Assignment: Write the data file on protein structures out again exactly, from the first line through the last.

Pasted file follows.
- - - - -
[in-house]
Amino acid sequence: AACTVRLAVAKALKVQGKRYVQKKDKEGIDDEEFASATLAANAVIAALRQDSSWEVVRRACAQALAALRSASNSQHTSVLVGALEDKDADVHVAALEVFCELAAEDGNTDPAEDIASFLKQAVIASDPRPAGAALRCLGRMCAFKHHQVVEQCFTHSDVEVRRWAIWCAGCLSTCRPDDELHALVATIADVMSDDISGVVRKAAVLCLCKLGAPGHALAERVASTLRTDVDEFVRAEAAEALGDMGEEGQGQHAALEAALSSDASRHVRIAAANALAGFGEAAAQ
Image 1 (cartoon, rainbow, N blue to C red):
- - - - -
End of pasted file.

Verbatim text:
[in-house]
Amino acid sequence: AACTVRLAVAKALKVQGKRYVQKKDKEGIDDEEFASATLAANAVIAALRQDSSWEVVRRACAQALAALRSASNSQHTSVLVGALEDKDADVHVAALEVFCELAAEDGNTDPAEDIASFLKQAVIASDPRPAGAALRCLGRMCAFKHHQVVEQCFTHSDVEVRRWAIWCAGCLSTCRPDDELHALVATIADVMSDDISGVVRKAAVLCLCKLGAPGHALAERVASTLRTDVDEFVRAEAAEALGDMGEEGQGQHAALEAALSSDASRHVRIAAANALAGFGEAAAQ
Image 1 (cartoon, rainbow, N blue to C red):